Editor’s Note: A previous version of this story stated the cases at Carewest George Boyack were reported on the third and second floors. The cases were actually reported on the third and fourth floor. As of Nov. 20, there were only cases remaining on the third floor. Global News regrets this error.
As Alberta reports a rise in the number of COVID-19 outbreaks at continuing care facilities and assisted living homes, there are increasing calls for additional health measures to be implemented.
Since Oct. 26, Alberta has seen a stark rise in outbreaks at care facilities. About 70 per cent of all deaths from COVID-19 in the province have been linked to them.
At Carewest George Boyack in Calgary, the facility is grappling with its outbreak status. There are currently four active cases, and a total of 28 people (16 residents and 12 staff) have tested positive for COVID-19. The cases were reported on the third and four floors, according to Alberta Health Services, which owns Carewest. There are currently no active cases on the fourth floor, as of Friday.
With five fatalities also reported, the outbreak and rise in deaths have Judith Harris concerned for her mother’s safety.
“I’m very concerned because my mother is in the George Boyack facility and the outbreak that is going on there now… I just feel like the whole system is placing all the risk for everything that goes on all these vulnerable people who are in nursing homes and… (they) have no control over what they’re exposed to,” she said.
Harris is calling for more frequent testing of residents at the facility. She also wants to see all new residents admitted to the facility be quarantined for two weeks, alone.
She said the concern over new admissions stems from the fact that the initial case at George Boyack was a new admission.
AHS said new admissions are placed in isolation from the time they are admitted.
“If they are in a shared room with a roommate, the roommate is also put on isolation,” read a statement from AHS. “Patient admissions are always managed in accordance with IPC standards for the rooming options available at time of admission.
“The individual was on isolation from the time they were admitted and tested positive after admission.”
AHS said both staff and residents are tested regularly for COVID-19, adding both are screened regularly and are required to have their temperature checked.
Alberta Health said the province has two orders in place that apply to those living in continuing care facilities, and those measures are designed to minimize the risk of infection, including when new people move into a site.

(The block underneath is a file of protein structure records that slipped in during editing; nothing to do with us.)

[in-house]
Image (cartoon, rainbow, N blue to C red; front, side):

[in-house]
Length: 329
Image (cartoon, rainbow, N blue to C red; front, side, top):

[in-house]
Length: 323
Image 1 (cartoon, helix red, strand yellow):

CMOH Order 32-2020 was issued on Sept. 3 and provides a framework that looks at a risk-based approach for quarantine requirements instead of a blanket approach that requires everyone to quarantine.
According to the order, a resident should be moved to a private space in the building where possible, but depending on the facility layout or circumstances, that possibility isn’t always the case.
Friends of Medicare executive director Sandra Azocar also raised concerns about seniors in continuing care homes.
“Our continued care system has been in crisis for decades now, and COVID(-19) has just shone a light on the cracks that currently have existed in this area for so long,” she said.
Azocar said more staff are needed as the pandemic drags on.
“We have been calling for a staff-to-patient ratio for years now, and that is something that needs to be overseen,” she said. “We don’t have enough people to address some of the personal health needs of people, then they’re not getting the level of care that they require.
“We hear all the time from families about how their family member has called them saying that they’re hungry because they haven’t been fed yet. We know hospitals currently are overcapacity… We have people that are living in their homes that are not able to get the medical care that they need.
“So it’s a huge issue for the families that have loved ones there.”
Not everyone is against the eased quarantine rules, however. The Alberta Seniors Communities and Housing Association told Global News in September that the new order allows for flexibility for centres and provides a mental health benefit for seniors.
“We still have the same screening,” executive director Irene Martin-Lindsay said on Sept. 3.
“We can allow more people in, based on volunteers, and hopefully some of the life enrichment and wellness supports that are so critical for well-being are what we should be able to implement.”
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